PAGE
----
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MSDN Home > MSJ > April 1999
April 1999

Microsoft Systems Journal Homepage

Bugslayer

Code for this article: April99BugSlayer.exe (146KB)
John Robbins is a software engineer at NuMega Technologies Inc. who specializes in debuggers. He can be reached at john@jprobbins.com.

The hardest thing for me—and for 99.46 percent of the other engineers out there—is effective testing. Not only do most of us consider it the least enjoyable of our tasks, it is usually the first thing cut when schedule pressures start, so we have even less time to get it right.
In this month's column, I want to concentrate on the first half of the testing equation, the developer's unit tests. The unit test means different things to different people, but I am talking about the testing that goes on as you are developing your code and before you report that a feature is completed. Some developers may think a unit test simply consists of getting the code to compile, but the unit test is probably the most important aspect of the overall quality of your project.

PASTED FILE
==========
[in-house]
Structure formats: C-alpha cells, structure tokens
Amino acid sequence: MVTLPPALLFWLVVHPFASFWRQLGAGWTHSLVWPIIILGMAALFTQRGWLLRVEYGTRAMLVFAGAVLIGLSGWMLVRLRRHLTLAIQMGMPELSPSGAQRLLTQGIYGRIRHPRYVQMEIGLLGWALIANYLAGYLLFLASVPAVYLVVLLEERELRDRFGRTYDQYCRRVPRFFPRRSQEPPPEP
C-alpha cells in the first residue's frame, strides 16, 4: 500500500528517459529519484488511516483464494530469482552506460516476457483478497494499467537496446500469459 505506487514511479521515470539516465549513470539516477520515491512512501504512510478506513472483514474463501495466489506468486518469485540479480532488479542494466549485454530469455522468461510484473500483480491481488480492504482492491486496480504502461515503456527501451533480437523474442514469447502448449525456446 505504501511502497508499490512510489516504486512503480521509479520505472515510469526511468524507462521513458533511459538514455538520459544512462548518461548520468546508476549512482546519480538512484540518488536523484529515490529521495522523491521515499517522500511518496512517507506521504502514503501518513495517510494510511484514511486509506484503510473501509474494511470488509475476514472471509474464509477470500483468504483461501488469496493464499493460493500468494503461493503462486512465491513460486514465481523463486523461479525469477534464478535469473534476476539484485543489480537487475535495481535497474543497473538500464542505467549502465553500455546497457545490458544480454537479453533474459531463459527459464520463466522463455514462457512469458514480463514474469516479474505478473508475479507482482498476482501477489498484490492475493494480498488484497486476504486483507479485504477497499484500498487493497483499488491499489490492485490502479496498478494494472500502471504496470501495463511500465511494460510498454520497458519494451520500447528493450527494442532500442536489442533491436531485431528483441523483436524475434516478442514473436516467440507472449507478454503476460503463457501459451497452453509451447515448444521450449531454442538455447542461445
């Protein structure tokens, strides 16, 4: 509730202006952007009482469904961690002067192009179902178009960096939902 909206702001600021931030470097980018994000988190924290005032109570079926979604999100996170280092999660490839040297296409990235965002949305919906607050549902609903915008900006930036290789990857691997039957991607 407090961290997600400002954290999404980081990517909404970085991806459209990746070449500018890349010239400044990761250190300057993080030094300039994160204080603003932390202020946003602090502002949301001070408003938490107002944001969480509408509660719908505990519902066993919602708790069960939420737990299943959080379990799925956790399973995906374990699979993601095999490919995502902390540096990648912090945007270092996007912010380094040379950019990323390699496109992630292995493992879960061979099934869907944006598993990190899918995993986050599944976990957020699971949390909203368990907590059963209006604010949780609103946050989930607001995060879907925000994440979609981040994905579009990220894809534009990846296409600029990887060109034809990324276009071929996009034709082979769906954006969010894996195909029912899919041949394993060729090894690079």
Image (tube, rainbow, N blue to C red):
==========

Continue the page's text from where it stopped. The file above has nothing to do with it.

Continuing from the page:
In a future column, I will talk about Quality Assurance (QA), the second half of testing. While teamwide QA has some things in common across all environments, it also varies widely between teams—even in the same company. Before I write that column, I would really like to hear what aspects you would like me to cover. Better yet, if you have a team environment that really works (or really does not work), please take a few minutes to summarize your environment in email. I promise to protect the innocent as well as the guilty!